U.S. Rep. Lamar Smith (R-Texas), chairman of the U.S. House Science, Space, and Technology Committee, delivered the following opening statement today at the Space Subcommittee hearing, Commercial Remote Sensing: Facilitating Innovation and Leadership. The witnesses at the hearing include Mr. Kevin O’Connell, president and CEO, Innovative Analytics and Training LLC; former chair, Federal Advisory Committee on Commercial Remote Sensing (ACCRES); Mr. Kevin Pomfret, executive director, Centre for Spatial Law and Policy; Ms. Michele R. Weslander Quaid, president, Sunesis Nexus LLC; Mr. Michael Dodge, assistant professor, Department of Space Studies, University of North Dakota; and Ms. Joanne Gabrynowicz, professor emerita, University of Mississippi School of Law.

As prepared for delivery:

The commercial remote sensing space sector continues to experience unprecedented innovation and growth. Investments are being made in new technologies and applications with the potential to significantly improve the world we live in.

According to the Satellite Industry Association, in 2015 Earth observation services revenues grew by ten percent over the previous year.

This growth is attributed to the development of smaller satellites, lower manufacturing costs, lower launch costs, and a growing customer base for remote sensing data. In other words – innovation.

The Institute for Defense Analyses’ Science and Technology Policy Institute reached similar findings in its 2015 report, Global Trends in Space. The report stated that, “expectations are especially high in the [space] remote sensing and [space] Earth observation sectors, where high-resolution, frequently updated geospatial imagery can provide information on the location and movement of people and objects.”

Fortunately, the United States leads the world in these promising entrepreneurial endeavors. U.S. satellite remote sensing companies continue to push ahead and make the headlines.

But the laws, regulations, and policies that govern private remote sensing space systems have not been updated for decades, are outdated, and cumbersome. It’s time for Congress to take a hard look at how we can streamline and reduce regulatory burdens.

The private sector’s innovation and leadership continue to outpace the government’s ability to keep up with the industry, with very serious consequences. In fact, the United States may lose its innovators, its investors, and its leadership due to outdated and improper regulation and policy.

Last year, the Federal Advisory Committee on Commercial Remote Sensing stated that the U.S. government needed to fundamentally rethink its approach to commercial remote sensing and policy.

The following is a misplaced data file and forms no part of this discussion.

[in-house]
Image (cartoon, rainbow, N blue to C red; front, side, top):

The committee found that traditional conceptions of remote sensing as an aerospace technology are outdated. It stated, “Agencies continue to think about remote sensing as a traditional aerospace technology when, in fact, it is increasingly an information technology, requiring a different regulatory philosophy and regulatory actions…. U.S. government stakeholders must tailor policy and regulations to reflect the fact that remote sensing is no longer a U.S.-only, exclusively satellite-based effort, but is instead a global information technology that relies on a wide range of platforms.”

One of the complex challenges with reform stems from the fact that there are not only legal or regulatory challenges but also process and oversight challenges.

For oversight, Congress needs certain types of information in order to ensure that the Administration follows the law. Unfortunately, the Secretary of Commerce and the National Oceanic Atmospheric Association (NOAA) have not been timely in producing such information.

The Commercial Space Launch Competitiveness Act, signed into law last November, directs the Secretary to report every year basic information about how many license applications were received, how they were adjudicated, and how long it took.

This information would let Congress know whether or not NOAA is satisfying their statutory responsibilities under existing law. But even this basic information hasn’t yet been provided to Congress.

The United States can continue to lead the world in commercial remote sensing. But we must ensure the law, regulations, policies, and processes governing this industry are well-suited for the realities of our time.

I thank today’s witnesses for joining us and I look forward to hearing their testimony.